Someone in our Community Group is Living with Abuse. What Should We Do?
Recognizing you have a role to play is the first step.
Speak to her one-on-one. Although she is part of your group, it is better if one person approaches her first to ask if she’s comfortable with having other concerned members of the group extend their support. Remember that she may feel overwhelmed and further victimized if a whole group approaches her at once.
Share tasks to maximize support. If there are multiple people in a group that she trusts, there are more opportunities to provide support to her – for example, a few members of the group could share the task of childcare, while another member helps make phone calls or takes her to a support agency to look at safety planning.
Be careful about confidentiality. If your community group is part of a “tight-knit” community that all lives in the same area, or shares the same culture, or language, she may be afraid to tell anyone about the abuse because of fear that word will get out to the rest of the community. Emphasize that there will be confidentiality within the group, if she does not wish for details to be shared within the broader community. If there are members of the broader community that could be helpful, ask her how she feels about them being involved in supporting her first – and respect whatever decision she makes.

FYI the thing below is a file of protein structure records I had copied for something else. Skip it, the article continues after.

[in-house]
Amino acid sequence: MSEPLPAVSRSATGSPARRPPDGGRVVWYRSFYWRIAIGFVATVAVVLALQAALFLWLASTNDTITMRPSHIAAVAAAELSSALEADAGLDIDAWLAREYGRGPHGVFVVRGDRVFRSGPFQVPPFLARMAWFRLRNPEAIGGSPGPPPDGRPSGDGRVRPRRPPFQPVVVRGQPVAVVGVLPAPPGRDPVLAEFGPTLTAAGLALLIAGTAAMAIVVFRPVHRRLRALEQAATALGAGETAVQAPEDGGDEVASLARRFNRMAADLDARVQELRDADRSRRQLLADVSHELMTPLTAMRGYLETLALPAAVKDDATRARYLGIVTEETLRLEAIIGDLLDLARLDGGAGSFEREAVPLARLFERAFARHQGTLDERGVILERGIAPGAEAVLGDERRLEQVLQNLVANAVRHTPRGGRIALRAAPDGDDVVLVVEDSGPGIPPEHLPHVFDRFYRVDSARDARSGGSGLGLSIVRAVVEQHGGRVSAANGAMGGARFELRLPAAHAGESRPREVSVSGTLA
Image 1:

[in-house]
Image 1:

Advocate for her. A community group may also be able to advocate for her together, as a group. For example, if she is facing a legal battle as a result of her leaving an abusive relationship, community group members could organize a support event, or accompany her to court. If she faces barriers accessing services in the community, your group can push for her to get the services that she needs.